Hares and Hounds on May eve
A story told by Ballyea pupils to the Schools Folklore scheme in 1938 describes how on every May eve a local man changed himself into a hare and went robbing milk from his neighbours cows. One year, a greyhound was set on the hare and bit one of its hind legs as it escaped through a hole in the wall of the man’s house. The local man was not seen for some days until neighbours found him inside his house suffering from a wounded leg. Shape shifting hares often appear in Irish folklore. They were hunted with hounds and an injured hare brought back to a house often found an old woman, or in this case, a man, injured inside.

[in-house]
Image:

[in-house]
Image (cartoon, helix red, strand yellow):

There are many superstitions around May Day in Irish folklore. Yellow flowers such as gorse or primroses were collected on May eve or early on the morning of May day, to be scattered on doorsteps to bring good luck to the household. Similarly, a May bush was traditionally decorated with flowers, greenery and old egg shells to keep away bad luck. Washing one’s face in the dew at dawn on 1 May was considered to bring good fortune but it was tempting bad luck to sail, dig, whitewash or even to sweep the floor in some places on May Day. It was traditional not to give away milk, butter or salt on that day. Old hags or ‘cailleach’ were suspected of going from house to house to steal butter and milk on May morning.